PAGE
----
Your Seller Won't Fix Problems Found in a Home Inspection. Now What?

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  • You're generally protected in situations where a seller won't fix problems a home inspection reveals.
  • But if that happens, you may have a tough choice to make -- cover the cost of repairs yourself or walk away.

Talk about a tough spot to be in.

There's a reason it takes so long to close on a mortgage. Before you complete the purchase of a home, that property needs to undergo an inspection. And sometimes, inspections can reveal problems that take time to resolve.

Usually, when issues are discovered during a home inspection, the seller will either agree to fix them prior to your closing, or otherwise shave money off of the price of your home to compensate for the amount you'll need to spend to address them yourself. But what happens if your seller refuses to take either of those steps?

The good news is that as a buyer, you're generally protected financially in that situation. Home purchase contracts usually come with an inspection contingency clause that states the property in question must either pass the inspection, or that the seller must agree to make repairs. If your seller refuses, you have the right to walk away without financial penalty, and any earnest money you may have put down should be returned to you.

But if you land in this boat, is walking away the right move? Or should you deal with the repairs yourself?

Home inspection repairs can be a tough call

In a normal housing market, sellers will usually agree to make repairs following a home inspection because they don't want to see the deal at hand fall through. But today's housing market isn't normal, and it's also not particularly friendly to buyers.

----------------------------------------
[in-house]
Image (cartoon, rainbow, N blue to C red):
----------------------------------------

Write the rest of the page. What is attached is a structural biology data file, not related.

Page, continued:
Because real estate inventory is so low, sellers have the clear upper hand. A seller today might refuse to make repairs under the assumption that if you walk away from the deal, they'll find another buyer with relative ease. In fact, a lot of buyers are actually waiving home inspections to give themselves an upper hand in a bidding war.

Let's say you're stuck in a situation where your seller won't make repairs. If you walk away, you might struggle to find another home that fits into your budget. If you make those repairs yourself, you'll end up spending more money than anticipated.

What's the right call? It probably depends on two factors -- how extensive the repairs are, and how much you really love the place you're buying.

Consider what walking away could mean

If the repairs aren't extraordinarily expensive, it could pay to just make them yourself, even if the idea frustrates you. If you spend an extra $5,000 to fix an issue uncovered during an inspection, that's clearly a lot of money. But if you walk away from the deal, you might end up having to spend more than an extra $5,000 on another home.

Also, if the home you're supposed to be buying really checks off the most important items on your wish list, then you may want to deal with the repair -- even if it puts you in a tighter financial spot. If you walk away, you might struggle to find another home that meets your requirements given how limited real estate inventory is right now.

The lesser of two housing evils

In a normal housing market, you shouldn't have to put up with a seller who won't make repairs following a home inspection. But since buyers today are pretty much at sellers' mercy, you may need to come to terms with having to make a repair yourself or walk away. Ultimately, you'll need to decide which option is less painful -- shelling out money for an issue your seller should fix, or having to go through the house-hunting process all over again.

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